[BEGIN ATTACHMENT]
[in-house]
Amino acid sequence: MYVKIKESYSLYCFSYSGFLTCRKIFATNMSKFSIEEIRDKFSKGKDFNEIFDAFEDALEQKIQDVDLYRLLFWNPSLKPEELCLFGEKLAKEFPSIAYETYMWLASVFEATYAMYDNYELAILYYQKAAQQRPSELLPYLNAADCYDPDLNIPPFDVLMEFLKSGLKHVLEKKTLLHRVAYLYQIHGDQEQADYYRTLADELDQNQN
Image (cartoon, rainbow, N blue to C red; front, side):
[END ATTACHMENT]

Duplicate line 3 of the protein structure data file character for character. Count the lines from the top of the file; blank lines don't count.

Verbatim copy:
Image (cartoon, rainbow, N blue to C red; front, side):